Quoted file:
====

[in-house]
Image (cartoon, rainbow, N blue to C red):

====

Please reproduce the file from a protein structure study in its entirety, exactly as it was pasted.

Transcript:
[in-house]
Image (cartoon, rainbow, N blue to C red):